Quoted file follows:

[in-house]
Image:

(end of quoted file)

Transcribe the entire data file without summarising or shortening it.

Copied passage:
[in-house]
Image: